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Fruit Varieties Journal
(Fruit Var J)

American Pomological Society

Volume 50 Number 4 Article 39 Pages: 235-247
Year 1996 Month 10
Title: Clone Selection of Grape Vine Varieties in Germany
Authors: H. Schoffling and G. Stellmach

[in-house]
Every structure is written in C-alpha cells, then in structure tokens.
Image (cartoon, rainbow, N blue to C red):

In Germany, clonal selection based on plant performance is a 200 year-old tradition. The present program, 'Systematic preservation-breeding' of varieties is a legally established system and is based on careful individual plant selection with subsequent biometrical tests on descendants (clones). First characteristics of about 10,000 vines were observed for five years. Thereafter the number of individual vines per clone was approximately 100 in every test. Must density, total acidity and ph-value were determined with sample of berries and yield determined from number of bunches, number of berries per bunch as well as their average weight. Statistical evaluation of the initial results in the individual vine selection consisted of the four field method. The main procedure for systematic maintenance of clonal varieties consisted of a complex series of observations and repeated tests. These resulted in A-, B- and C-clones. Basic propagation material came from C-clones. Certified plants came from Basic plants. Besides freedom from leaf-roll disease and ringspot diseases, such as yellow mosaic, virological tests were required on the mother stock plants. Plants were also tested for nepo-viruses, the corky bark pathogen, Rupestris stem pitting and Kober stem grooving. Optimum growth clones were selected which had less vigorous growth but satisfactory yield and quality. For example, a favorable starting position was to select Aclones with up to 20% less growth but good yield levels. Differences in bunch rot resistance among clones was greatest in 'Auxerrois' and least in Pinot noir. A trial with 11 A-clones of Riesling, showed that between the years 1991-1993 the range in portion of fallen bunches, amounted to 190%, and ranged between 9 and 26 kg/acre. Frost resistance clones produced yield decreases of only 25% in frost years; sensitive clones decreased 56%. Investigations into chlorosis-resistance among clones suggested that differences of up to 30% were produced among the 13 Riesling clones. Other resistances may also be worth investigating such as resistance to stem atrophy. When berries were smaller (e.g. clone Weinsberg 29) must density and wine quality increased. The size of the grape yield was determined primarily by the number of bunches. The number of berries per bunch and the individual berry weight were mostly affected by fruit set. Sensory wine assessments from clones growing under the same cultivation conditions produced maximum differences in the nose, in the taste, in harmony and in quality of up to 40%. This demonstrates that some clones produced better wines.

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